Photo by Mikey on Flickr.

Thanks to The Direct Transfer, we’re going to start bringing you a weekly roundup of what’s happening around the country in transportation, land use, and other related areas. Think Breakfast Links, but national and on the weekend! Enjoy!

Capitalist highway maps: You can easily lie with maps. In fact, many companies used them to point people to only their gas stations or even their most highly rated restaurants. Where do you think Michelin stars came from? (Motherboard)

Tear down this wall: It’s well known that highways cut into urban fabric and destroyed communities and in their wake. But now a lot of cities are looking to tear freeways down. (The Atlantic)

Shade balls, we hardly knew thee: Los Angeles was using millions of black plastic balls to keep reservoirs from evaporating, but the city is going to start using giant tarps except for in a few places that are too big for tarps. (Governing)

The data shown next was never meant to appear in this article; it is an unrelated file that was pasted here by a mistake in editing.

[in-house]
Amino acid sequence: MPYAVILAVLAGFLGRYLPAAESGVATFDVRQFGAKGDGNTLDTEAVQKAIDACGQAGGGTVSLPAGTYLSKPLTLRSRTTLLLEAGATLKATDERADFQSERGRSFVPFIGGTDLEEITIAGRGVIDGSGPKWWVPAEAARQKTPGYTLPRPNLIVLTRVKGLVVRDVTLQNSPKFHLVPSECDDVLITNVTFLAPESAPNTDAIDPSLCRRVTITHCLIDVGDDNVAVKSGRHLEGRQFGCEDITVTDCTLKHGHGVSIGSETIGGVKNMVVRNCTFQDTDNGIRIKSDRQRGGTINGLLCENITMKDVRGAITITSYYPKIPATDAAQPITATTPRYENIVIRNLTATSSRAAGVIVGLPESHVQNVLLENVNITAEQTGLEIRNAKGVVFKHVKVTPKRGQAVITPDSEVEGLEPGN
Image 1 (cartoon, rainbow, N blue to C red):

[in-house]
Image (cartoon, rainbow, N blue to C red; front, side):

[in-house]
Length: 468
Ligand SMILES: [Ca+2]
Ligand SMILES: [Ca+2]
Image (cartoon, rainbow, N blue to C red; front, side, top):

Last known destination: As transportation creates opportunity for faster connections, cities will change over time. This change will ultimately shape travel behavior as well. The London School of Economics has charted origins (housing) and destinations (jobs) of cities in density charts. (Guardian Cities)

“Guaranteed Maximum Price”: Boston’s Green Line T extension costs estimates have recently gone way up because of contractors gaming the system. Transit costs can be totally reasonable, but for that to happen governments need to contain these types of money grabs. (CommonWealth)

Bonus: Turtles saved from the tracks! (Images)

Quote of the week:

“Above all else, the citizens lamented the deafness of public officials. They said they have raised these concerns time and again and, according to them, no one has listened. Maybe that’s because they’re going to the wrong meetings.” - Josh Stephens of the California Planning and Development Report

Tagged: links

Jeff Wood is the Principal of The Overhead Wire, a consulting firm focused on sharing information about cities around the world. He hosts a weekly podcast called Talking Headways at Streetsblog USA and operates the daily news site The Overhead Wire.